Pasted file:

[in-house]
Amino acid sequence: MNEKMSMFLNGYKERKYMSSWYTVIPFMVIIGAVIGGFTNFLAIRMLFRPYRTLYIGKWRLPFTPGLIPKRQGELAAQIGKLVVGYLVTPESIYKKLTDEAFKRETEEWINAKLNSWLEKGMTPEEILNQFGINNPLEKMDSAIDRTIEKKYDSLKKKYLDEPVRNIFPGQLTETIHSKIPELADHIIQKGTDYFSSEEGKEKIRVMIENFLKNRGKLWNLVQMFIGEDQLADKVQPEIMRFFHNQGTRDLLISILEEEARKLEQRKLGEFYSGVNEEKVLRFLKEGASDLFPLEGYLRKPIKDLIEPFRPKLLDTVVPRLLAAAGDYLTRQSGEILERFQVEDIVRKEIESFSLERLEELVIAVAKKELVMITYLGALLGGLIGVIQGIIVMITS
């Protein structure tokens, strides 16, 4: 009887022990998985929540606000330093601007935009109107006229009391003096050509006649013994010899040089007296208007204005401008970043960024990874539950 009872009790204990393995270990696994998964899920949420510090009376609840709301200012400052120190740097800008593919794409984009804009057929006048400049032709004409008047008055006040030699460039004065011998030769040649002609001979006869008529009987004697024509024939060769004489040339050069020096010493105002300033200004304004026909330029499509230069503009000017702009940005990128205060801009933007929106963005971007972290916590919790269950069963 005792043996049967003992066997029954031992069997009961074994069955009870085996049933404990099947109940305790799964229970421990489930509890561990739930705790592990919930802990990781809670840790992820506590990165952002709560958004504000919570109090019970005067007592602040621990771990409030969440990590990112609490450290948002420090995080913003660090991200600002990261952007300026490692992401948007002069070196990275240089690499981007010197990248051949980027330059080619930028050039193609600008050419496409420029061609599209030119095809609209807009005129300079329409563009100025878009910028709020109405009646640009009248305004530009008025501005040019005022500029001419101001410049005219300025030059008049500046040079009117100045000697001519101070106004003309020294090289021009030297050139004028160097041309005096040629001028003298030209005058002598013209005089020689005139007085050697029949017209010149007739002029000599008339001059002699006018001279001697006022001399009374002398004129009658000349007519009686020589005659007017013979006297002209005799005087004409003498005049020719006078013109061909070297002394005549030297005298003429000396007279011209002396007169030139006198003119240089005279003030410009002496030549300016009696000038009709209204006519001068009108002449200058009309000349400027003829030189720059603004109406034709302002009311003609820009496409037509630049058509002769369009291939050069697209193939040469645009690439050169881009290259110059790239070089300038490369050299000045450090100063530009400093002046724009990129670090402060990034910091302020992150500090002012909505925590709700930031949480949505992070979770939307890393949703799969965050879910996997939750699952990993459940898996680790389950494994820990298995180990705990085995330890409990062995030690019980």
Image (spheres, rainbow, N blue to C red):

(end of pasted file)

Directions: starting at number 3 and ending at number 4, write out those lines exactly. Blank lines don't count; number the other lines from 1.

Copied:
């Protein structure tokens, strides 16, 4: 009887022990998985929540606000330093601007935009109107006229009391003096050509006649013994010899040089007296208007204005401008970043960024990874539950 009872009790204990393995270990696994998964899920949420510090009376609840709301200012400052120190740097800008593919794409984009804009057929006048400049032709004409008047008055006040030699460039004065011998030769040649002609001979006869008529009987004697024509024939060769004489040339050069020096010493105002300033200004304004026909330029499509230069503009000017702009940005990128205060801009933007929106963005971007972290916590919790269950069963 005792043996049967003992066997029954031992069997009961074994069955009870085996049933404990099947109940305790799964229970421990489930509890561990739930705790592990919930802990990781809670840790992820506590990165952002709560958004504000919570109090019970005067007592602040621990771990409030969440990590990112609490450290948002420090995080913003660090991200600002990261952007300026490692992401948007002069070196990275240089690499981007010197990248051949980027330059080619930028050039193609600008050419496409420029061609599209030119095809609209807009005129300079329409563009100025878009910028709020109405009646640009009248305004530009008025501005040019005022500029001419101001410049005219300025030059008049500046040079009117100045000697001519101070106004003309020294090289021009030297050139004028160097041309005096040629001028003298030209005058002598013209005089020689005139007085050697029949017209010149007739002029000599008339001059002699006018001279001697006022001399009374002398004129009658000349007519009686020589005659007017013979006297002209005799005087004409003498005049020719006078013109061909070297002394005549030297005298003429000396007279011209002396007169030139006198003119240089005279003030410009002496030549300016009696000038009709209204006519001068009108002449200058009309000349400027003829030189720059603004109406034709302002009311003609820009496409037509630049058509002769369009291939050069697209193939040469645009690439050169881009290259110059790239070089300038490369050299000045450090100063530009400093002046724009990129670090402060990034910091302020992150500090002012909505925590709700930031949480949505992070979770939307890393949703799969965050879910996997939750699952990993459940898996680790389950494994820990298995180990705990085995330890409990062995030690019980």
Image (spheres, rainbow, N blue to C red):